The play Trifles, by Susan Glaspell is a murder mystery. Critic "Gary A. Richardson says that in Trifles, Glaspell developed a new structure for her action." (Kirszner and Mandell 1121) Richardson claims that "Trifles is carefully crafted to match Glaspell's subject matter- the action meanders, without a clearly delineated beginning, middle, or end.." (qtd. in Kirszner and Mandell 1121) Upon closer inspect we can clearly see that Glaspell does indeed have a beginning, middle and end, and the action does not meander.
The plot of Trifles follows the pyramid created by critic Gustav Freytag to follow the plot of dramatic work. According to Freytag, a play usually starts with exposition, this is where were introduced to the charters, setting and the basic situation the characters are involved. Exposition is then followed by rising action, this is where compilations start occurring and the suspense starts to build. The climax is the next sequence in the pyramid, at this point in the play tension has reached its peak.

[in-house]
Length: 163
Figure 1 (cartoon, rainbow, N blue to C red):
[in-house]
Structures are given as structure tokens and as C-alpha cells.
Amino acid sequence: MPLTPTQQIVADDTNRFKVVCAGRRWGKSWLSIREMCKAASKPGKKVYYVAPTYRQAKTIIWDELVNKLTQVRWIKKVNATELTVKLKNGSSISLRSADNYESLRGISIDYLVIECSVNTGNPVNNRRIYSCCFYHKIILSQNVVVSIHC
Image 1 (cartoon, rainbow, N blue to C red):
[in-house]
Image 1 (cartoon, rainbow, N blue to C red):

After the climax falling action is the next sequence in the pyramid. At this point in the play the intensity is starting to decrease.
Trifles begins in the kitchen in an old farmhouse, the kitchen was in total disarray. The Sheriff comes in, followed by the county Attorney and Hale. They are followed in by two women. One is the Sheriff's Wife and the other is Mrs. Hale. They have gathered because Mrs. Hale came over on the previous day to talk to John Wright about going in on a party telephone. The attorney asks Mrs. Hale what happen the day before when she arrived at the house. She tells about how she finds Mrs. Wright sitting in the rocking chair pleating her apron. She state that Mrs. Wright did not mind that...